Pescophile author Mike Smylie, who lives near Stroud, has a new offering in time for Christmas, a beautifully presented and illustrated softback title from Cheltenham-based The History Press – though Voices From the Shoreline is a work that doesn’t readily brim with Christmas cheer.
Mike, who has written so many fishing related works he must have webbed fingers, set off on a tour of Britain’s coastline, roughly from Appledore in Devon to Applecross in the Scottish Highlands – his mission, to chart “the ancient and ingenious traditions of coastal fishing”, documenting existing evidence of the work of coastal fishermen who have fished salmon and herring for generations along the fragile strand of existence between land and sea.
And as BBC Coast presenter and maritime archaeologist Mark Horton points out in the preface, this is very much a eulogy for a disappearing heritage: “Sadly, many of the fishermen have now retired or died, and their know-how with them,” Horton writes. “Others just hang on, trying to pass on the traditions… But we all fear that the golden thread of knowledge will be lost forever and only this written record will survive.”
Horton forecasts that we have a decade left before the final vestiges of salmon will be gone. On a trail for the smoking gun, Smylie is a dogged detective on this case and, in terms of authenticity, this book will fill your nostrils with estuary and brine. Rather than rely upon a process of collating existing material, each chapter is a first-person-led journey into the subject, where the author literally wades in to dredge every tiny detail of his journeys. It’s a rich haul.
And as these metaphors suggests, our cultural investment from generations of shoreline and maritime industry has seeped into our lives and language to a degree that suggests a need for more scrutiny of this subject if we are to understand who we are as a maritime nation.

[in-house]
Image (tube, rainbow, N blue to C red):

This lavish, 323-page work is invaluable in that quest. And if you also feel a hunger for perspectives on local life (who doesn’t?), Smylie, once he’s dried his boots from some escapades with Weston-super-Mare shrimpers, spends much time rooting around obscure corners of the River Severn, engaging in what small-scale, artisanal fishing methods remain.
Ultimately, the meditative, lachrymose work brings to life an era when humans took enough to sustain their needs, before industrial-scale operations swept in and mechanically swept up so much of the sea’s resources that the old ways were hung out to dry. Is the lesson, therein, that we should cherish the recording of past lives and past work – and if so, how?
This isn’t a question the author goes on to fully examine. For some, it will be an entreaty to be sure to seek out hand-smoked kippers and sustainable-stamped salmon, while the broader environmental debate suggests consumption of fish, inescapably now largely a product of deep-sea industry that believes nature is an inexhaustible resource, is something simply best left off our plates.
Whatever your decision, Smylie brings depth and nuance to a story that’s literally at the fringe, yet central, to this debate.
Voices From the Shoreline is published by the History Press, at £19.99.